The prayer of the Prophet Jeremiah, offered here almost unabridged, is thelament that describes the struggle of Jerusalem and of its inhabitants. The Jewsrecite it on the day that commemorates the destruction of the Temple, the Churchin the office of Holy Saturday, to recall the tragedy of Calvary. The melody ofthis text is set to an early d tone coming from a non-Roman, perhapsGallican, musico-liturgical tradition and following the pattern of a doublepsalmodic tone in semi-ornate style, with cursive cadences: mediatio cadencesdescend to c, while terminatio cadences close on the reciting note of d.
In the second part the reciting note of the psalmodic tenor rises to g.
The Exultet is the chant announcing the joy of Easter, commonly knownas the praeconium paschale, at the opening of the Easter Vigil, theprincipal of all vigils, after the blessing of the fire and the paschal candlethat through its light dispels the darkness of night and of evil. The Exultetstarts with an invitation to joy and thanksgiving (exsultet ...gaudeat...laetetur), in a solemn reciting tone of wide ambitus: from thereciting note of c touching d to highlight the textual stress, the melodyhas two intermediate cadences on a (caelorum and mysteria) and anornamented cadence on low c (salutaris), prepared by means of a longstep-wise melodic descending line (et pro tanti Regis).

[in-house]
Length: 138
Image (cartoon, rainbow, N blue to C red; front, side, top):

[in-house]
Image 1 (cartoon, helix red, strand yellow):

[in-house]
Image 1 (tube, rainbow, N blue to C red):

There follows, with the same melody, the humble prayer of the minister thathe may worthily sing the praise of the paschal candle, symbol of the risenChrist. The prayer ends with a brief dialogue with the congregation on the toneof the chant for the Preface of the Mass.
The words Vere dignum et iustum est introduce the essential and mostbeautiful part of the Exsultet, to the simple tone of the Preface of theMass. Two reciting notes c and b descend to b and a respectivelyat the cadences. The text is divided into four parts:
1. The praise and thanksgiving to God for his work of redemption.
2. Easternight brings to the composer's mind figures from the Old Testament, the PaschalLamb, the Red Sea and the passage through the desert.
3. Admiration for the splendour of redemption in the four exclamations of O.
4. The prayer to God that he accept the tribute and that the paschal candle(the risen Christ) may never fail but shine with unextinguished light.
After the blessing of the paschal candle follow biblical readings that, likea series of pictures, evoke important stages in the history of salvation. Amongthese is the reading of the passage through the Red Sea, followed by the wellknown Song of Moses Cantemus Domino. This composition is part of theRoman musical tradition, with the insertion of a Ga